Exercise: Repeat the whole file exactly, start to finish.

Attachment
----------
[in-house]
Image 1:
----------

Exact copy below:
[in-house]
Image 1: